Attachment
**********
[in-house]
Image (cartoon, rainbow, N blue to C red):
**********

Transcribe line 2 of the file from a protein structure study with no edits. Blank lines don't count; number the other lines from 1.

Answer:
Image (cartoon, rainbow, N blue to C red):